Living Colour Rocks Sparse Crowd at The Independent
With a small crowd, one might have excused Living Colour if the band toned down its usual energetic hard rock performance for something a little less intense. But true to its reputation as a powerhouse live act, the Brooklyn, N.Y.-based group delivered a blistering 90-minute set on Oct. 17, at The Independent in San Francisco.
Kicking things off with the up-tempo rocker and fan-favorite, "Middle Man," from Living Colour's debut 1988 release Vivid, the band was fired up from the get-go and showed no signs of letdown. Next came the crowd-pleaser, "Ignorance is Bliss," from the 1993 album, Stain, followed by a display of the band's funkier side with the racially-charged "Funny Vibe."
The band, made up of drummer Will Calhoun, singer Corey Glover, guitarist Vernon Reid and bassist Doug Wimbish, then switched gears, moving into its newer material from its 2009 offering, The Chair in the Doorway. To their credit, despite its size, the audience rocked with the best of them, singing the words back to Glover and headbanging to the fresher material, which included "Decadance," "Burned Bridges," the title track and "Bless Those."
Known for his sense of humor, Glover, with a wry smile called out for fans to support Prop. 19, the statewide ballot initiative in California which would legalize various marijuana-related activities, after catching a whiff of smoke from the crowd. Further, keenly aware of the rivalry between fans hailing from Oakland and those from San Francisco, Glover incited the crowd to tell him what cities they were representing, before jokingly adding that they did not want any turf wars in the house.
Fans were united, however, for Living Colour's more experimental side. Prior to "Memories Can't Wait," Reid, Wimbish and Calhoun indulged in a bluesy jam session that showcased the musicians' skill and ability to play off one another, which received a thunderous applause. The group also extended the song "Elvis is Dead" with a lengthy teaser of the King's "Hound Dog," while Calhoun also got the spotlight with an eclectic drum solo spot.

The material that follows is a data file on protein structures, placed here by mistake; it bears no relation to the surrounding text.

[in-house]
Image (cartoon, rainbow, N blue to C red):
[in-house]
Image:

As expected, Living Colour ended its main set with its electrifying signature hit, "Cult of Personality," before coming out for an encore of "Time's Up," the title track from its second album. A cover of "Crosstown Traffic" by Jimi Hendrix was listed to follow, but was not performed.
Strangely, for the first time as a single headliner in the Bay Area since Living Colour reunited in 2001, the band failed to play for at least two hours, which was a letdown, given the group's usual tendency to go well beyond the two-hour mark. That said, Living Colour graciously took the time after the gig to meet and take pictures with the fans for more than an hour, which admittedly took the sting off the shorter set time.
Against the Girl, a three-piece, jazz-oriented, pop/progressive band which features Wimbish on bass, opened the show with a mesmerizing 30-minute set and is well worth checking out.
Set list: Middle Man, Ignorance is Bliss, Funny Vibe, Decadance, The Chair, Burned Bridges, Memories Can't Wait, Open Letter (to a Landlord), Glamour Boys, Bless Those, Loves Rears Its Ugly Head, Elvis is Dead, Type, Cult of Personality, Time's Up.
Living Colour (with Against the Girl)
- Brian Heaton
Copyright 2010, Brian Heaton. All Rights Reserved.